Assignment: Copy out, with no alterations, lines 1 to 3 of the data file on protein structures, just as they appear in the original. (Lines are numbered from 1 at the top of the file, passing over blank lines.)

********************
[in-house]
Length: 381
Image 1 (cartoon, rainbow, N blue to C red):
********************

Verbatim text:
[in-house]
Length: 381
Image 1 (cartoon, rainbow, N blue to C red):